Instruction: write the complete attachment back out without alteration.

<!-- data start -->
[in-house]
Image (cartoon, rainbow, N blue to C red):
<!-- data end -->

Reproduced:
[in-house]
Image (cartoon, rainbow, N blue to C red):